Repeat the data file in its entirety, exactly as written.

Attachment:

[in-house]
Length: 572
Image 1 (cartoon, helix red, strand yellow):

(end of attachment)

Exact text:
[in-house]
Length: 572
Image 1 (cartoon, helix red, strand yellow):